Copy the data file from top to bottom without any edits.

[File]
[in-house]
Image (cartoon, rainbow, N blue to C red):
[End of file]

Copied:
[in-house]
Image (cartoon, rainbow, N blue to C red):